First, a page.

During his underwater stay, the diver may move about from place to place and his duties may involve various maneuvers resulting in his losing his orientation thus necessitating reference to the compass 55. At any time the diver's hands are occupied, the entire case and instruments mounted therefrom can be left suspended from the pressure sensing hose 31 but will always be readily available when reference is to be made thereto. The watch 29, being recessed within the recess 30, is protected from bumping against rocks and other underwater obstacles.
After ascent from the dive, the diver may remove his diving paraphernalia and the subject gauges may be left in the case of the present invention and will be ready for a subsequent dive with the diver being required only to mount his regulator or his air tanks eliminating all the time that would otherwise be required for securing the depth gauge 23, watch 29, and compass 55 to various parts of his person.
If the diver contemplates an extended dive, he can easily mount the decompression computer case 57 from the housing 11 by merely inserting the screws 63 and 67 in the respective bores 59 and 61 and projecting the threaded extremities thereof into the respective nuts 73 and 75 and screwing such screws firmly into position to mount the computer in place. Such computer will then be available during ascent from such dive to enable the diver to determine a safe ascent rate.
The diver's instrument case shown in FIG. 5 is substantially the same as that shown in FIG. 1 except such case is of unitary construction and includes a housing or case 65 constructed of generally resilient material, preferably rubber, and including respective front and back walls 64 and 66 joined together about their peripheries by a peripheral skirt 68 formed integrally therewith. Such housing 65 is formed with the pressure and depth gauge cavities 62 and 64 which are formed on their upper extremities with radially inwardly projecting flexible lips 70 and 72, respectively. The lips 71 and 73 terminate in apertures defining respective windows 76 and 77 overlying the faces of the respective pressure and depth gauges. Leading from the pressure gauge cavity 67 is a bore 79 for receipt of the pressure sensing hose 31 and projecting upwardly from such bore is an elongated slot 81 which has a generally cylindrically shaped cavity 83 formed centrally therein for receipt of a compact compass 85. The exterior of the case 65 is shaped similar to the case shown in FIG. 1 and is formed centrally with a waist portion 85 for receipt of the wristwatch band 27.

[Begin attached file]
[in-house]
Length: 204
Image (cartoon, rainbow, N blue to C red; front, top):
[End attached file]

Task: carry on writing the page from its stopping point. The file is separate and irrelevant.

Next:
In operation, the case 65 is utilized similar to the manner described hereinabove for the case shown in FIG. 1 and the pressure gauge 21 may be installed therein by spreading the case apart along the slot 81 to insert the hose 31 in the bore 79 and the peripheral lip 70 is stretched to enable insertion of the gauge 21 in the cavity 62, such lip then snapping back into place to hold the gauge 21 in position. In a similar manner, the depth gauge 23 may be installed in the depth gauge cavity 64 by stretching the retaining lip 77 for receipt thereof. The compass 85 may be installed by spreading the case apart along the slot 81 and inserting such compass in the cavity 83.
From the foregoing it will be apparent that the instrument case of the present invention provides an economical and convenient means for housing and protecting various instruments required by a diver in a convenient compact arrangement which can be rapidly attached to the diver before his dive and can be rapidly removed therefrom upon his return to the water's surface.
Various modifications and changes may be made with regard to the foregoing detailed description without departing from the spirit of the invention.
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|U.S. Classification||73/431, 224/245, 968/347, 368/286, D10/96|
|International Classification||G01D11/30, G04B37/14, B63C11/02|
|Cooperative Classification||B63C11/02, G04B37/1406, G01D11/30|
|European Classification||G01D11/30, G04B37/14B|
|Jun 19, 1984||PS||Patent suit(s) filed|
|Dec 11, 1984||PS||Patent suit(s) filed|